Since then, she had lived in two-dozen crash pads, slept on park benches, and was trying to lose weight by taking speed. Someone beat her up with a milk crate in Tompkins Square Park. She became pregnant during drug-fogged sex and borrowed $200 for an abortion, then illegal, which was performed in an apartment by a woman who was just out of her teens and made crude jokes during the procedure. Her idea now was to earn money to help friends buy a bus and go see the Grand Canyon.

I’d become dazed by all her distress, having had little experience with people lost and in pain. But, never mind, I knew what I’d been sent for, and deadline loomed. I handed her the few dollars in my pocket, said to wait there for the photographer—don’t worry, he’d do a profile shot, not her full face—and split for the office.

Writing the piece, I wondered what to call her. I’d used “Marcy” in the draft because that was her name, but told Shew Hagerty I’d promised not to identify her. He said he liked the sound of “Marcy,” so let’s keep it. There are hundreds of Marcys running around, he reasoned, and besides, we’re not using her last name. “Fine with me,” I said.
Headlined “Gentle Marcy: A Shattering Tale,” the story blew everyone away. It earned me a write-up in the front of the magazine. I got a scribbled “Hear, hear!” from Oz on his special notepaper—he wasn’t too free with those. It also created a sensation among readers. Hundreds of letters poured in, many of them with checks for Marcy. One little girl from San Francisco sent a quarter and a dime. “I have enclosed my week’s allowance,” she wrote. “Please give it to Gentle Marcy.” To top it off, Reader’s Digest said it would pay $1,500 to reprint the story, a giant fee back then.

After a few days, the glory faded. Then a researcher at the magazine told me she’d just heard a radio interview with Marcy on the New York rock station WNEW. I got the tape. The interview was conducted by a newsman named Steve Young, who opened with some commentary trashing the hippie movement, how unwashed they were, and deluded. A case in point was this girl Marcy, whom he claimed to have found at the Diggers Free Store—no mention of the Newsweek piece. He’d persuaded her to talk by letting her and some friends sleep on the floor of his apartment.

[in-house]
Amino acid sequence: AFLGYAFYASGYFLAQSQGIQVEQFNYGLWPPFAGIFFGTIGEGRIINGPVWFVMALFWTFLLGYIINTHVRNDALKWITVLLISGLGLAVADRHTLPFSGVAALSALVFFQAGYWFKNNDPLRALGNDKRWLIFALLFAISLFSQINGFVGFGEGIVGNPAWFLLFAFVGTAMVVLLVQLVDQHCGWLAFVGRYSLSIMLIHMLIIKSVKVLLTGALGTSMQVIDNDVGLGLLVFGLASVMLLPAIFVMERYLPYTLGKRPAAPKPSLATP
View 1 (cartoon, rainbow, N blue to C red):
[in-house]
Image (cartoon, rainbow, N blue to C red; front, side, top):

He titled his bit “Marcy, a Child Again.” When she came on the air, you could tell from her speedo speech she was flying high. Much to my dismay, she led off by saying how devastated she’d been by the Newsweek article. This reporter had paid her for the interview, she said, and promised not to use her name, only he did. I’d also mentioned Flint, so her parents could easily identify her, something I hadn’t bothered to consider. Her mother would be crushed; she’d thought Marcy was working at Macy’s.

Young then cut in, his voice lowered to a whisper, like some guy in an alley selling a hot watch. “Would you like to call your parents?” he asked. “Oh, wow, you don’t mean it!” she said. “It’s early in the morning, but I’d love to talk to my mother.” He slid the phone to her, and you could hear her dialing. Her mother answered, but you could catch only Marcy’s end of the conversation.

“Momma, this is Marcy,” she said in a rush. “Momma, you know Newsweek, you haven’t seen it, have you? Don’t let Daddy read it.” She then broke into sobs and had difficulty getting words out. “Please, Momma, please still love me when you read it. Oh, Momma, I really love you. I thought you wouldn’t love me anymore. I told them I loved you but they didn’t print that. It wasn’t like they said. Oh, Momma, don’t cry. Don’t cry.”

The conversation went on for five minutes, and I was feeling lower and lower. Young ended the program by saying that the next morning he drove Marcy and her friends over the George Washington Bridge and got them maps of the United States. “I last saw Marcy on the ramp of the New Jersey Turnpike,” he said. “Those maps don’t show where Marcy [big pause for dramatic effect] can be a child again.”

Bruce Porter is the author of Blow. He is working on a book for St. Martin's Press about a woman who was kidnapped by guerillas in Colombia while working as an undercover operative for the DEA.